The Next Lebron James? The Miami Heat Sign Young Star

BY Jonhson’s Woody

"Nature or nurture? definitely nature" Lebron James. Jr. (right) prepares to blow by an opposing defender. The ten-year-old may have a significant size disadvantage in the NBA, but will certainly play with more heart than anyone on the Knicks or Lakers
“Nature or nurture? definitely nature”
Lebron James. Jr. (right) prepares to blow by an opposing defender. The ten-year-old may have a significant size disadvantage in the NBA, but will certainly play with more heart than anyone on the Knicks or Lakers

MIAMI— Yesterday the Miami Heat signed a baller that some say literally is the next LeBron James: LeBron James Jr.

The team is suffering a losing season after going to four straight championships with LeBron Sr. at the helm. They are hoping to get the same kind of production out of the 10-year-old.

The Heat plucked the fourth grader out of the hands of the AAU team the Gulf Coast Blue Chips, who are shocked and devastated by the move. Fellow fourth grader and teammate Zyon Little said, “When my mommy told me LeBron was leaving I didn’t know how the team was going to move on. He was such a key part of the team; I started to get emotional. Then she gave me a ice-pop. It was blue. My favorite flavor.”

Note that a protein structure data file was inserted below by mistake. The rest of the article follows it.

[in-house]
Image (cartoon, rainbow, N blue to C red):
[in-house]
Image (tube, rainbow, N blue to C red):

The news of the younger James’ signing comes to the dismay of many college programs that had just begun recruiting James Jr.

The Heat are hoping to find the same kind of production from the cagey 10-year-old that they got from his father, whose four year tenure netted the team two championships. While he has yet to hit his growth spurt or grasp the concept that squares are a type of rectangle, James Jr. still has the potential to be great. His film shows he can consistently make open layups and his bounce passes are sometimes on target.

Heat President Pat Riley had this to say about the signing: “We know we are taking a risk by filling a valuable roster spot with a 10-year-old, but that’s where the league is headed—it’s all about youth.”
Youth is something the Heat now have, but they may have problems scheduling around their newfound youth, since most games are past the fourth grader’s bed time.

“We know we are taking a risk by filling a valuable roster spot with a 10-year-old, but that’s where the league is headed—it’s all about youth.”

Youth is something the Heat now have, but they may have problems scheduling around their newfound youth, since most games are past the fourth grader’s bed time.

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